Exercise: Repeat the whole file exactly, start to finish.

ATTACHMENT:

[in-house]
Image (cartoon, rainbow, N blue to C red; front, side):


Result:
[in-house]
Image (cartoon, rainbow, N blue to C red; front, side):